“The state is only pretending to be in line with the street to absorb anger and resentment,” said one Jordanian activist, who spoke under the condition of anonymity for fear of reprisal. Otherwise, how could a helicopter arrive to drop medical supplies at the Jordanian Army hospital in Gaza?”
Specifically, Jordanians have started calling for the cancelation of the country’s 1994 peace treaty with Israel.
The treaty, which was mediated by the US, definitively put an end to decades of on-and-off conflict and created the basis for mutual security cooperation between the two countries. Since then, Jordan has built on the peace treaty with several joint-economic projects, such as the import of Israeli natural gas and a UAE-brokered “water for energy” deal, both of which faced stiff public opposition at home.
Calls for canceling the treaty, which have for years been expressed behind closed doors, have moved into public forums over the last two months. Even high-ranking public figures have echoed these calls, with some going a step further and calling for Jordanians to prepare for a confrontation with Israel.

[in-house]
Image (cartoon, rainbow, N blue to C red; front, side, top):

“The moment of confrontation had been already present, and what the right wing of Israel did today is draw our attention to it,” Mamdouh al-Abadi, Jordan’s former minister of state, said in an interview on Nov. 11. “It is my duty and the duty of all Jordanians to show readiness to fight.”
The former minister added that he wanted his grandchildren to take up arms to defend Jordan, just as young Israelis do for their country.